4 Comment

  • Comparing a new, trendy neighborhood with a Penthouse in Dallas to the south side of Chicago is despicable.

    • Ummm, what? First, the term “baddest” is often used to mean the most hip and cool area. Secondly, have you been to the south side of Chicago lately? I have. Many neighborhoods are being gentrified and showcase a plethora of trendiness, just like The Cedars. Absolutely no disrespect was intended as reading the rest of the post should have made clear..

      • Your use of “baddest” was correctly understood. It’s your implication that there are “hip” and “cool” things that are equal to Dallas penthouses that is incorrect. Neighborhoods like Englewood and Gresham and West Pullman are fighting for their literal lives among unprecedented violence and a desperate lack of services. Schools are being closed forcing parents to decide if they should risk sending their kids to the next neighborhood (see above: violence) or just take them out of school completely. A 4 year old was shot in the head playing bus driver in her mother’s car. This is not an area where people are deciding to just live in a Penthouse or spend $100K to gut it. Also, a quick Google search could have sent you to a very recent report where Chicago’s most vacant neighborhoods are predominantly south. Empty neighborhoods doesn’t sound trendy. I realize this “dirt” is mainly a glorified questionnaire asking Uptown Realtors what kind of car they drive, but please, think twice when trying to actually write something.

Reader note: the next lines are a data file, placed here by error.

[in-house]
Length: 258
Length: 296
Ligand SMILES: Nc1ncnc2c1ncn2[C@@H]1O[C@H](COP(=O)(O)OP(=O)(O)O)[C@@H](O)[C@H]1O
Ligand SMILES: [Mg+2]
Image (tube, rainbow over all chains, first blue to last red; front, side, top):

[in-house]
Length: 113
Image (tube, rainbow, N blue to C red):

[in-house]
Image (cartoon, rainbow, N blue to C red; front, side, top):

Also, think twice before challenging a reader to the last time they visited somewhere as I can guarantee you I’ve been south of 35th street in Chicago more recently than you have.

  • I’m sorry you continue to insist on finding offense where obviously none was intended.